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Energy-efficient buildings will save money and improve people’s quality of life in Europe


Innovation & Enterprise
Buildings are responsible for 40% of energy consumption in Europe and therefore making them efficient is crucial, both to save money and to achieve the EU 2030 energy and climate goals. Today the European Parliament adopted the final deal with the EU Council for a new directive on the Energy Performance of Buildings.
The S&D Group has pushed not only for strong measures to reduce energy loss in existing buildings, but also for a swift transition to an increased use of renewable energy, and also to improve housing conditions and energy insulation for the average citizen.
The S&Ds welcome that the directive requires member states to come up with long-term renovation strategies to decarbonise their building stock.
Miapetra Kumpula-Natri, the S&D’s MEP negotiating this file, said:
“We are now setting out on a path to transform Europe's building stock. The increased renovation rate will bring investments and jobs, and will also bring down energy costs for households. Through the long-term renovation strategies, we can further improve quality of life, such as healthy indoor climate conditions. Tackling the energy use of buildings is a key component in Europe's answer to the Paris agreement. In the directive we sought to introduce new tools and measures such as mandatory building automation for large non-residential buildings.”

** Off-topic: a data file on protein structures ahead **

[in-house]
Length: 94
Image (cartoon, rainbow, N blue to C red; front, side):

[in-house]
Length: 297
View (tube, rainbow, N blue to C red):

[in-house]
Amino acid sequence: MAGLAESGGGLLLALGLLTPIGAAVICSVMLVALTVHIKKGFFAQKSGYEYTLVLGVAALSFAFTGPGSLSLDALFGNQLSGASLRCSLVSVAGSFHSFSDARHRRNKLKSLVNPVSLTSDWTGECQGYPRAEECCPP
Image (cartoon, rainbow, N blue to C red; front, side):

S&D spokesperson on energy, Dan Nica MEP, said:
“In this directive we are taking a step towards decarbonisation of transportation. In the future, electric cars will not only be charged at gas stations but increasingly in homes and at the workplace. Therefore, we want that new buildings and buildings that undergo major renovations come equipped with the necessary cables to install charging points for electric cars. This will be an important step in providing possibilities for people to change to a low-emission car.
“The S&Ds have tried for a long time to improve life for energy-poor households (estimated to be up to 11% of EU households). Now, finally, EU countries will have to outline actions that help to reduce energy poverty while supporting equal access to financing tools for energy-efficiency renovations for vulnerable households. We ensured that financial incentives to renovate also have a consumer perspective that takes into account cost-efficiency differences between member states.”


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